Jodorowsky's Dune tries to find out how the document made by Jodorowsky was influential in the look of later movies and how the technicians and others introduced by him changed the course of movie making history. It also makes the case that his version of Dune was a missed opportunity that could change the whole concept of mainstream movie making. Some of the scenes are recreated by animation using the drawings from the book which makes for compelling viewing.



The movie consists mainly of interviews with Jodorowsky and many members of his team, movie critics and some directors influenced by him. Initially Jodorowsky seemed a weirdo, but gradually his passion, commitment, honesty and sense of humor won me over. If you are a person who wonder how movies are made, you will like Jodorowsky's Dune, but if you are the person who wonder why movies are made, this is the movie that's meant for you.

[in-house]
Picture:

Thursday, December 1, 2016

Milking Jason Bourne



It's a classic case of over-milking. Jason Bourne, the fifth movie in the Bourne series, (if you also consider the just-average Bourne Legacy starring Jeremy Renner as one among them,) is a huge letdown due to a single factor- greed. I was much excited to watch it when it was announced. The director of Bourne Supremacy and Bourne Ultimatum, Paul Greengrass was not expected to do a sequel and Matt Damon was reluctant to do it without him. That's why they made one sequel without the star. So I expected something grand when they united again. Alas it was late when I realised that the purpose was to serve the greed of a Hollywood studio.